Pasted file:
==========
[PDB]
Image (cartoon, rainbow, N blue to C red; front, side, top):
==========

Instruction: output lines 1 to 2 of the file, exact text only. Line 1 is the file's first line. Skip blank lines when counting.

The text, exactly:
[PDB]
Image (cartoon, rainbow, N blue to C red; front, side, top):